Self-advocacy is important for thriving in school, at work, and in life. So how do we help kids build their self-advocacy muscles? Self-advocacy ability communicate needs. It’s important thriving school, work, life. it’s something comes naturally kids — even adults. help kids build self-advocacy muscles?In episode, hosts Rachel Bozek Gretchen Vierstra talk self-advocacy Melody Maitland, director student services former special education teacher. Melody believes kids deserve seat table IEP 504 plan meetings, prepare self-advocacy skills.Hear helps kids learn speak themselves, starting self-awareness. Get tips building child’s self-advocacy skills home. learn adults often biggest obstacles kids learning self-advocate.Related resourcesWhat self-advocacy? Download: Self-awareness worksheets kidsCan ask self-advocacy IEP goals child? Episode transcriptGretchen: Understood Podcast Network, "In It," podcast ins outs...Rachel: ...the ups downs...Gretchen: ...of supporting kids learn think differently. I'm Gretchen Vierstra, former classroom teacher editor Understood.Rachel: I'm Rachel Bozek, writer editor raising two kids ADHD. Today, we're talking help kids learn think differently become powerful self-advocates.Gretchen: guest conversation Melody Maitland. Melody director student services Capital City Public Charter School Washington, DC. She's also worked classroom special education teacher.Rachel: wanted talk Melody much work revolves around idea middle high school students deserve seat table IEP 504 meetings.Gretchen: Melody strongly believes that's great place kids start building self-advocacy skills.Rachel: We're delighted us today. Melody, welcome "In It."Melody: Thank much me.Gretchen: know, asked come talk us today we're interested learning self-advocacy comes students learn think differently. think need start definition first. exactly mean self-advocacy? I'm pretty sure we're talking writing, know, congressperson letters editor, right?Melody: essentially say self-advocacy, we're talking students able speak needs, especially students, able articulate preferences overall able speak themselves.Rachel: Melody, know role director student services, you've worked hard make sure there's seat table students comes IEP meetings, 504 meetings, kind thing. important starting point comes student self-advocacy?Melody: Yeah, least experience, students room decisions made them, don't really meaningful opportunity advocate themselves. really feel like, like build skills across reading, writing, math, also directly explicitly teach skills area advocacy.So looks like practice preparing students meaningfully participate meetings. understand plans, able advocate things directly classroom, hallway, extracurricular activities, beyond.Rachel: So, say prepare student meeting like that, I'm kind asking right meeting kind like coming 504 conversation middle school. pretty nose. mean preparing student?Melody: Yeah. me, first thing know advocacy it's individualized. always start self-awareness. student I'm working know interests, needs, strengths, challenge areas? know 504 plan IEP is? know plan — diagnosis, differing ability, disability, whatever call it. really engaging conversations, tends culture nicety like don't want tell don't want feel bad.But so, create stigma talking it, right? silence speaks volumes view differing abilities. starts self-awareness. really comes communication piece supporting able communicate needs strengths challenge areas.Gretchen: first start involving kids school-based conversations? mean, start really young kids? OK?Melody: believe so. mean, everything's developmental appropriateness, right, depending student's age, also level comfortability certain conversations. mean, parents play huge role. know child. They're experts them, feel comfortable with. that's partnership school parents, right?If it's not, I've seen happen school specific definition advocacy, prepared child way show meeting. parent comes look like, going here? one told student's going here. wanted conversation child specific area. partnership really critical.Gretchen: good point. It's sort like, know, teachers tell parents like page. I'm talking classroom talking home we're speaking common language nobody's wondering one talking about.I question this. school isn't set way, right? there's never kids attend meetings it's way all. is... You, parent wants kid skills — make happen? you, know, without disrupting system school? mean, tips that?Melody: Well, first, think disrupt systems school.Gretchen: OK.Melody: Right? Like, would hope comes side school, sometimes that's always case. parent, it's perfectly right within rights parent say "My child included meeting." Right? might make people feel comfortable. — way explain it, I've settings students never part meetings. huge shift, especially adults.And way explain is: Let's say struggling work. challenges. need support specific challenges. group people meet put together supports accommodations going support me. I'm going work every day, things imposed me. I'm really confused boss sudden? so-and-so, know, interacting way? don't think would necessarily support growth adult.Now, you're kid people like, "Oh, well, you're going small group you're going get extended time." really confusing that's happening. cause lot potential externalizing behaviors, disruptions. lack information — right? — people create narratives.So narrative child creating we're actually transparent why? Kids handle hard stuff. Sometimes don't feel like adults can, that's do. disrupting system, like kind marginalized identity, required.Gretchen: Mm hmm. Mm hmm.Rachel: Yeah. really hits home I'm, mentioned, know, process basically reviewing middle-schooler's 504 it's little bit — feels little stale. I've kind signing go along. reached school recently say, like, think meet kind take look needs freshened little.And thinking like, oh, well, maybe child meeting. like, don't think that's usually meetings work. kind like, oh well, OK. I'm like, well, maybe he's going come meeting.Gretchen: need system disruptor.Rachel: Maybe. maybe they're like, "Why doesn't anybody ask kid come?"Gretchen: Right.Rachel: know, actually found teachers super responsive open kinds conversations. lot times I'm like, well, it's probably easier he's there. that's really helping him.Melody: Yeah, also find kids really experts themselves. might put supports place say, actually, one thing need that's going make difference. don't invest much energy things working.Gretchen: True. another question related this, it's interesting me. gets tricky, think. know families, especially maybe families moved countries aren't familiar U.S. school system, idea advocating speaking child come meeting say "I d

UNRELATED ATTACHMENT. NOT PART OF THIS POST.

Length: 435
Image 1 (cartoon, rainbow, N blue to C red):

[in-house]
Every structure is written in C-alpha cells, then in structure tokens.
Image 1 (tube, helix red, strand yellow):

• Cyberbullying is the use of digital communication tools (like the internet and cell phones) to make another person feel angry, sad, or scared. Online bullying is like in-person bullying in two key ways. It’s done on purpose. And it tends to happen more than once. Examples of cyberbullying include:Sending hurtful texts or instant messagesPosting embarrassing photos or videos on social mediaSpreading mean rumors online or with cell phonesIf you’re trying to figure out whether your child is being cyberbullied, think about whether the hurtful behavior is intentional and repeated. If the answer is no, the offender might simply need to learn better online manners. If the answer is yes, take it seriously.